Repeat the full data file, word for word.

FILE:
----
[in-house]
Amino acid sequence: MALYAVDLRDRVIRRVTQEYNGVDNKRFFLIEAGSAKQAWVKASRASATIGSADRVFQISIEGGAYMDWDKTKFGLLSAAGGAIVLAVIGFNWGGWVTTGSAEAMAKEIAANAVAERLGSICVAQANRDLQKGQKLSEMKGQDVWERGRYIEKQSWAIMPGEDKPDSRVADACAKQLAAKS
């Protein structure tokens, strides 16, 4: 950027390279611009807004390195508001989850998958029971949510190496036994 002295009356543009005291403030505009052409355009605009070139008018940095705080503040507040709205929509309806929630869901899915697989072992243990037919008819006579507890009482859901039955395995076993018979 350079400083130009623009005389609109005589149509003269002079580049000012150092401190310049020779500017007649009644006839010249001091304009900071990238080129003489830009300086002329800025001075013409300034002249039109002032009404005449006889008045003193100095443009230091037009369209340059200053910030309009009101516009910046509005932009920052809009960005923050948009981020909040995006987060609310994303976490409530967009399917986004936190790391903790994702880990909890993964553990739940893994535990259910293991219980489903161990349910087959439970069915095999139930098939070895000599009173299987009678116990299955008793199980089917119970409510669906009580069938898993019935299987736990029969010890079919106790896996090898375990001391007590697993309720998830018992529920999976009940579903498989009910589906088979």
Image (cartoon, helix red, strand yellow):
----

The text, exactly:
[in-house]
Amino acid sequence: MALYAVDLRDRVIRRVTQEYNGVDNKRFFLIEAGSAKQAWVKASRASATIGSADRVFQISIEGGAYMDWDKTKFGLLSAAGGAIVLAVIGFNWGGWVTTGSAEAMAKEIAANAVAERLGSICVAQANRDLQKGQKLSEMKGQDVWERGRYIEKQSWAIMPGEDKPDSRVADACAKQLAAKS
């Protein structure tokens, strides 16, 4: 950027390279611009807004390195508001989850998958029971949510190496036994 002295009356543009005291403030505009052409355009605009070139008018940095705080503040507040709205929509309806929630869901899915697989072992243990037919008819006579507890009482859901039955395995076993018979 350079400083130009623009005389609109005589149509003269002079580049000012150092401190310049020779500017007649009644006839010249001091304009900071990238080129003489830009300086002329800025001075013409300034002249039109002032009404005449006889008045003193100095443009230091037009369209340059200053910030309009009101516009910046509005932009920052809009960005923050948009981020909040995006987060609310994303976490409530967009399917986004936190790391903790994702880990909890993964553990739940893994535990259910293991219980489903161990349910087959439970069915095999139930098939070895000599009173299987009678116990299955008793199980089917119970409510669906009580069938898993019935299987736990029969010890079919106790896996090898375990001391007590697993309720998830018992529920999976009940579903498989009910589906088979």
Image (cartoon, helix red, strand yellow):